Technically, mining involves the extraction of profitable ores from a source. In the larger sense, to be profitable, this must include the costs of separating the valuable components from the less valuable, and of transporting the resulting material to market (or to a facility which converts the material to a marketable product). Most terrestrial mines, and certainly asteroids, contain a variety of potentially valuable products, and in general the optimal process of selecting one product will not be optimal - and may even preclude - the production of other products. For example, the least expensive (and therefore most profitable) manner of extracting iron from most asteroids is simply to use magnetic separation. This resulting metal (a mixture of iron, nickel, cobalt, and trace metals) can be formed into products and used as-is. However, this loses some valuable trace elements such as platinum and gold - they are incorporated into the iron products.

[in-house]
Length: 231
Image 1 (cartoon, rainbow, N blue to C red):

For asteroid mining, the choice must be made between returning ores from an asteroid (which might include the entire body), or extracting the valuable materials in-place and returning only those. For example, if the target product is water (from which rocket fuel can be produced), it might make more economic sense to extract the water from the asteroid where it is, and return only the water to Earth, saving perhaps 90% of the return transportation cost.
In any event, the choice of potential asteroid ores is huge. Furthermore, a typical asteroid is a much richer ore for iron-loving elements such as nickel, cobalt, and platinum-group metals (PGMs include platinum and gold) than are any ore bodies on Earth. Some asteroids are also rich sources of water (for rocket fuel) as well as containing everything else needed to sustain life in space. And while most asteroids are thought to contain 20% to 30% of iron, some are nearly pure metal, containing as much as 90% iron.
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